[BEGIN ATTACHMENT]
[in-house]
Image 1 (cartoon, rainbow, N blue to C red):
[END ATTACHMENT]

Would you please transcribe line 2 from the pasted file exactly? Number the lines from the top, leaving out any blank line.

Image 1 (cartoon, rainbow, N blue to C red):